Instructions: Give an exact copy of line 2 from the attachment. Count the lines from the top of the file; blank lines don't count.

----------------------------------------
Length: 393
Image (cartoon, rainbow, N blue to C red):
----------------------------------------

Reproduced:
Image (cartoon, rainbow, N blue to C red):